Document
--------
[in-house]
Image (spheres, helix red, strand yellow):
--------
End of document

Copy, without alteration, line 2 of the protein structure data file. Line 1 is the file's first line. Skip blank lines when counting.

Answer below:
Image (spheres, helix red, strand yellow):